I saw Woody Hayes several times and heard a couple of his speeches while I was in school but never had the chance to meet him. However, my girlfriend (also an OSU grad) told me a story about a chance she had to meet and talk with with him. In the early eighties, she was a single mom and one day took her son to McDonalds on High Street. The place was packed, but she saw Coach Hayes sitting alone in a booth. She was apprehensive, but approached him anyway and asked if she and her son could sit with him. She said he was very gracious and invited them to sit down. He asked questions about her and her job (she was a nurse in the kids cancer ward at Childrens Hospital at the time). She said he seemed as excited to talk with her as she was with him. They spent more than an hour talking about all kinds of things, not just about football and OSU.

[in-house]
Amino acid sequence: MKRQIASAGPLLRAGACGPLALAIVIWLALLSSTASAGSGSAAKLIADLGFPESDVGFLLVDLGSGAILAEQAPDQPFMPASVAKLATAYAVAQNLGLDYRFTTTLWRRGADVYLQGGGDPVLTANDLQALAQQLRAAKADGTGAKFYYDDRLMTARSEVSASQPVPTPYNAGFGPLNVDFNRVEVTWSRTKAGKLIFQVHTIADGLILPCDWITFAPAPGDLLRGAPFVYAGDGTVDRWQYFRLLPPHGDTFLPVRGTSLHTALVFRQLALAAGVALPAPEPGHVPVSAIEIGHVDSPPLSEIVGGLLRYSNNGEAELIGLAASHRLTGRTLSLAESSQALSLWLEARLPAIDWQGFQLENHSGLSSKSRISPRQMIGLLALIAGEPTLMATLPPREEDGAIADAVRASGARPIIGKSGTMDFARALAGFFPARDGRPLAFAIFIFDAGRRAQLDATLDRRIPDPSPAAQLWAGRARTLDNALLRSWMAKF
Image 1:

When they were finished, Woody gave her is phone number and asked her to call him anytime she had a patient in the hospital that needed cheering up. She took the number and did just that. On several occasions she called and he came, and  several times showed up on his own to see the kids. She said he one of the most kind and gentle people with sick kids she has ever met.
 Woody used to say Archie was a great football player and an even better person. Well Woody, you were a great Coach and an even better person.
Happy 100. We miss you.

ernie

acBuckeye's picture

Dang 73..... What a great story. I just had to wipe away a few tears after reading that. What an amazing man.